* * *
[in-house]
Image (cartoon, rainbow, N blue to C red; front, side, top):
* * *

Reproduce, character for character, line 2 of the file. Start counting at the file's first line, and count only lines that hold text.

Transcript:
Image (cartoon, rainbow, N blue to C red; front, side, top):